Needed: Real-world examples for Python's Cooperative Multiple Inheritance

Mark Wooding mdw at distorted.org.uk
Fri Nov 26 02:00:44 CET 2010


John Nagle <nagle at animats.com> writes:

>    Multiple inheritance in Python is basically what fell out of
> CPython's internals, not a design.  It's one of those areas where
> order of execution matters, and that wasn't well worked out.

I'm not sure about the history, but this doesn't sound right to me.

> Allowing classes to form a directed acyclic graph isn't very
> useful.

This is simply wrong.

> It just fell out of the semantics of a naive interpreter.

No: there's some essential work needed to make it happen.

> Originally, the semantics were just wrong.

Agreed.

> Now the awful cases have well-defined semantics, but aren't very
> useful.

Disagree strongly.  I think linearization is the only coherent approach
to multiple inheritance, and the C3 linearization seems to have almost
all of the necessary properties.  I'm not quite sure what you mean by
`awful' here: the old Python linearization rules were wrong even for
very simple graphs (they failed to respect the superclass ordering
properly).  The CLOS, Dylan and C3 linearizations agree on most commonly
occurring class graphs, including many graphs for which the old Python
orderings disagreed; the exceptions are where CLOS or Dylan failed to be
monotonic or to obey the extended precedence graph.  The semantics are
extremely useful in the hands of a careful designer.

>    Part of the problem is the notion that if a base class is duplicated
> in the hierarchy, there's only one copy.

This is a problem?  No!  Duplicating superclass state (as is done in C++
and, I believe, Eiffel) is incoherent.

> So if you inherit from two classes, both of which inherit from "dict",
> there will be only one "dict" at the bottom.  (I think.)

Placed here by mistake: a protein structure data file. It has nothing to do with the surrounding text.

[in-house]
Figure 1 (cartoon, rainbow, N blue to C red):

Yes.  You end up (probably) with an enhanced dictionary which supports
both protocols.  This happens frequently, and is very useful.

> This probably won't do what the authors of any of the classes involved
> expected.  The author of the class which does the multiple inheritance
> might not even be aware that there's a clash further up in the
> hierarchy.  This is one of those areas where all the code looks right
> locally, but it's wrong globally.

This is only likely if there's a misdesign -- probably using inheritance
where containership is required.

>    Best practice for this is "don't do it."  Some name clashes ought
> to simply be detected as errors, rather than being given such
> complex semantics.

It sounds like you've been scarred by experiences with C++'s dementedly
inadequate object system, with its bizarre `repeated inheritance' rules
and hopelessly primitive manual (static!) method combination -- possibly
even to the extent of believing that they're in some way `right' or
`necessary'.  I'm sorry.  You have my pity.

Python's object system is different, and doesn't have those problems.
You probably need a viewpoint shift to be able to think about it
properly, but that won't happen if you continue to cling to the idea
that C++'s approach is anything like a model of how to do it right.

-- [mdw]



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